A human tendency can be to sacrifice long-term benefit in order to avoid pain/discomfort/expense in the short term.
A therapist friend of mine had a blog titled “Happy Now, Sad Later.” The line is apparently from the TV show The King of Queens. The focus of the blog, though, was the human tendency to sacrifice long-term benefit in order to avoid pain/discomfort/expense in the short term.
We all do this to some extent. That donut in the break room isn’t really calling my name, and I know that the long-term result will be an unfortunate shrinking of my waistband, but it’s been a long morning and I need chocolate. The donut dilemma, however, will probably only impact me and maybe the other person with a chocolate old-fashioned addiction. At other times, the happy now, sad later trade leaves a swath of destruction that produces the emotional equivalent of tsunami, tornado, and hurricane rolled into one adorable package. If you walk around the corner of your local veterinary hospital to see a veterinarian quietly banging his or her head against a wall or huddled in a corner rocking, it’s likely that the practitioner has just smacked head-long into an acute, severe case of Happy Now, Sad Later.
The veterinary version of this affliction looks something like this…
Ms. Oh-my-gosh-my-horse-just-ran-through-the-fence calls Dr. Yep-if-the-phone-is-ringing-it-must-be-Friday-night in a panic. The owner is crying; the horse is crying; the pastoral Friday evening pasture looks like a scene from Friday the 13th. Dr. YITPIRIMBFN (Can we just call her Dr. Y?) jumps into the truck and scurries off to the OMGMHJRTTF family farm (or the O farm).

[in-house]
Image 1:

After comforting owner and sedating horse (but not vice versa because that would be ineffective and illegal), Dr. Y examines the horse and takes note of all visible and probable damage. Dr. Y notes that one laceration sits awfully close to the knee joint, and that there is a glorious banner of skin flapping in the breeze when it should have been covering the cannon bone.
Dr. Y begins to discuss the horse’s condition and the medical recommendations with Ms. O. Dr. Y would like to take some X-rays to help confirm that the pesky knee laceration hasn’t wandered into the joint because joint infections in horses are bad, even potentially fatal. She also tells Ms. O that the skin flap will need stitches and a heavy wrap to keep the wound edges from imitating continental drift and never properly healing. The horse, having packed half of the pasture into her wounds, will need whopping does of antibiotics twice a day for a week or so, and will need to be confined for X weeks until the wounds heal so that the suture knots are not all for naught.
At this point the O family begins to shuffle its collective feet. Money is an issue. And the horse, in addition to not being a fabulous jumper, has an extreme aversion to needles, pastes, and pills. Also, the only open stall is currently housing the teenage O’s motorcycle. Mr. O has a bad back, and Ms. O doesn’t like blood, and who will change all those bandages?
This is where things begin to unravel like a ball of yarn swatted by a kitten. Dr. Y begins to feel like Dr. Y-did-I-not-become-an-accountant-like-grandpa, the O family starts to feel panicky and oppressed (oh-my-gosh-there’s-no-way-we-can-do-all-this), the sedation starts to wear off and the horse begins to eye the remaining fencing.